ISSUE BRIEFS developed countries, e. g. Telecommunications (74% FDI), Financial Services (26% FDI in Insurance, 74% FDI in private banks, 100% FDI in Asset Management firms etc. ), Retail (51% FDI for single brand retailing), Courier Services (100% FDI). India’s interest in services lies in the large pool of trained, qualified experienced manpower providing services by temporarily moving to provide services and then returning to India (Mode 4).
Trade in Mode 4 accounts for only a minuscule 1% of global trade at the moment. India has asked for a commitment from the developed countries in Mode 4, inter alia in I. T and I. T Enabled Services, Engineering Services, Health Services, Education Services etc. The other manner in which India can deliver services is by way of remote supply of services with improved connectivity and vast pool of professionals in various services sectors (Mode 1). It includes outsourcing, BPO etc.
Global trade in Mode 1 accounts for only 18% of total trade. In Mode 1, India wants developed countries to take binding commitments in various services sectors – Health Services, R Services, Engineering & Integrated Engineering Services, Construction and Related Services, Computer Related Services, Professional Services, Other Business Services like credit reporting services, collection agency services, telephone-based support services, data processing services etc.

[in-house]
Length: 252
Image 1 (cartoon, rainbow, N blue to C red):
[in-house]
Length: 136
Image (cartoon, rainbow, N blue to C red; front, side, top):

The major concern for India in the area of services is that the markets for services in the larger economies are not sufficiently open, particularly in respect of labour and labour-related services. Furthermore, in order to realise effective access in the larger markets, there is a need to ensure that predictable and transparent disciplines are put in place for Domestic Regulations so that they are not abused to deny access or to create barriers. SERVICES Services exports account for 40% of India’s total exports of goods and services, and stood at $86 billion in 2007-08.
The contribution of Services to India’s GDP is more than 55%. The sector (domestic and exports) provides employment to around 142 million people, comprising 28% of the work force of the country. India’s exports are mainly in the IT and IT enabled sectors, Travel and Transport, and Financial sectors. The main destinations are the US (33%), the EU (15%) and other developed countries. India has an obvious interest in the liberalisation of services trade and wants commercially meaningful access to be provided by the developed countries to fulfil the Development Agenda of this Round.